(Bloomberg) -- The Philippine central bank is set to maintain its benchmark interest rate at a 17-year high on Thursday, as weakness in the local currency and stubborn inflation keep policymakers from pivoting to easing yet.

All 26 economists in a Bloomberg survey expect the Bangko Sentral ng Pilipinas to leave the target rate steady at 6.5% for a fifth straight meeting. Finance Secretary Ralph Recto, who sits in the rate-setting board, was cited by the Philippine Daily Inquirer as saying that the BSP would likely keep borrowing costs unchanged this week and that easing may happen later this year.

An extended pause is likely after last week’s data showed inflation, although within the central bank’s 2%-4% goal, quickened for a third straight month on higher food costs. A recent bout of local currency weakness after economic output missed expectations last quarter limits the options for the central bank, for now.

The peso has fallen nearly 4% this year and is one of Asia’s worst performers this quarter, amid heightened territorial tensions between the Philippines and China and the prospect of US rates staying elevated for longer. Latest data showing US inflation cooled in April for the first time in six months may provide relief for currencies, including the peso, which recently dropped to near the key 58-per-dollar level.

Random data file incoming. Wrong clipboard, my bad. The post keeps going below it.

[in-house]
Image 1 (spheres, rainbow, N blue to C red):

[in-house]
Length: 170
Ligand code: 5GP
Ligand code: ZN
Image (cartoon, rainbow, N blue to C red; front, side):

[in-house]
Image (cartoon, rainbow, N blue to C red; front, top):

Here are key things to watch at the briefing in Manila at 3 p.m.:

Inflation, Peso

The BSP expects price gains to hover above the target band in the coming months, although it remains confident that average inflation will stay within goal this year and the next. HSBC Holdings Plc anticipates the print to return to goal in August or September.

The peso has weakened more than 2% against the dollar this quarter. Currency moves matter for a country like the Philippines that imports almost all its fuel needs and is among the world’s biggest rice buyers.

As the peso was being battered about a month ago, BSP Governor Eli Remolona had then said that the currency’s slide wasn’t enough to derail monetary easing later this year or in early 2025. Analysts will pay close attention to his remarks Thursday.

Economic growth

“Solid growth amid a still sticky inflation backdrop provides room for BSP to remain focused on price pressures in the near-term,” said economists Lavanya Venkateswaran and Jonathan Ng from Oversea-Chinese Banking Corp. in Singapore.

Looking beyond the headline growth figures, the data showed signs of weakness in consumption, which makes up 70% of Philippine GDP. Investment growth also cooled.

“A sustained deceleration of inflation and disappointment on the growth front could convince the BSP to cut rates as soon as the Fed does later this year,” said senior economist Nicholas Mapa from ING Groep NV.

--With assistance from Tomoko Sato and Ditas Lopez.

(Updates with comment from finance secretary in the second paragraph.)

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